Jean anouilh’s “modern” version of Antigone is an adaptation of the version written by Sophocles for the Athenian theatre. Anouilh’s play was first performed in Paris in 1944 during the Nazi occupation of France. This performance was permitted and encouraged by the Germans because the ideas expressed by Creon, the king of thebes, were thought positive by the local Nazi governants. Anouilh’s version of the play differs from Sophocles’s one in that the French author adapted the play by rewriting most of the speeches between the Characters.
This adaptation has made the two main characters: Creon and Antigone, somewhat different than what they were originally. In Sophocle’s version Creon lacked some more emotional speeches which were then included by Anouilh; the additions made Creon more real as a human being. The King Creon of the later version is a character, which doesn’t have a definite personality; he presents various different shades, which sometimes are in contrast with each other.
These contrasts in his personality make Creon a more interesting character shaping his as suspicious, confident of himself and his power, loyal to his job and practical. The most evident contrast occurs between Creon’s loyalty to the state and his practical mentality. This occurs because of the quantity and quality of speeches on the duty towards the law and the state made by Creon in his effort to dissuade Antigone in contrast with his meditated actions in order to preserve his interests.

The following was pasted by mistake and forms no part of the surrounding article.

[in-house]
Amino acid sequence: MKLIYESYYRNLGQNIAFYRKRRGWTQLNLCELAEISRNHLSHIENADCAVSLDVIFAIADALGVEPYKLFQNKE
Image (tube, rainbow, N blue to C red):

Surely the most important and most picturesque monologue regarding Creon’s conception of duty to the state is the description of a naval scene of despair where Creon impersonates a sailor who “agrees to captain the ship” during a storm when the boat had “sprung a hundred leaks, was loaded to the water line with crime, ignorance, poverty” and “shouts an order, and if one man refuses to obey, he shoots straight into the mob. ” Creon states his innocence in the treatment of polynices and its need by explaining that the dead person “has no name.
And you, have no name, either. Nothing has a name – except the ship, and the storm”. This great imagery demonstrates how seriously Creon accepts the task and how necessary his edict was to maintain the integrity of the weak Theban government. Of even greater importance is the behaviour adopted by Creon before his departure form stage when, after the death of Antigone, Haemon and Euridice, he decides to continue his life as a King for the good of Thebes and Thebans by just saying “Cabinet meeting.
Then we better go along it. To his page. When it comes to his own concern though, Creon seems to “forget” his well stated principles in favour of personal interests. In Antigone’s case, Creon is determined to spare her life: “there is still a chance that I can save you; but only if you keep this to yourself and give up your crazy purpose. ” because he wants her to marry his son Haemon and give him a child to make king. This behaviour by a king ideally is incorrect and in tolerable but, if thought in practical terms is is completely rational.